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Most reformers, many of whom start out with earnest good intentions, end up wreaking havoc and plunging their countries into tyranny because they attack their countries' economic problems from the wrong end. Most reformers in recent history, from Pancho Villa, through Stalin and Mao, down to current day missionaries - set out to "help" struggling economies by first digging into the dirt of the poorest rural areas. They assume that change must start in the agricultural sector. So they reapportion land; they attempt to introduce modern technology to subsistence farmers; they establish schools, clinics, and communal wells in the rural areas. But often, these efforts come to naught. Indeed they frequently backfire and leave area residents worse off than before.
A typical scenario of the type Jacobs cites - a volunteer worker sets up a well in a parched rural area of some Third World country. But soon after the volunteer leaves, a valve in the well breaks. And there is no way for local residents to get a replacement valve. There is no nearby urban industry to supply valves or any other replacement parts for anything. So the well stagnates, becomes a breeding ground for mosquitoes and a hazard.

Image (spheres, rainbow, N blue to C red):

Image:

Jacobs illustrates why these good will projects so often fail. There is no surrounding urban industry to back them up, to supply all the quirky, often small but oh-so-necessary parts to rural endeavor. Urban areas are also necessary as markets for rural produce. Without recourse to diverse urban economies, virtually all rural areas will fail to thrive in the long run, no matter how much charitable reform is pumped into them.
Jacobs goes further. She illustrates how the very idea of agriculture, as well as most advances in agricultural technique likely STARTED in denser urban areas. This is the most controversial, frequently contested idea in her book. Most people are geared to dismiss urban areas as being devoid of "nature. But the reverse is actually true. There is often more flora, more planting activity, more wildlife and domestic animal husbandry, more agricultural cross-fertilization of all kinds going on in cities than in rural areas. But because the city is by definition "urban," people don't see it and continue to feel they must escape to rural areas in order to experience nature.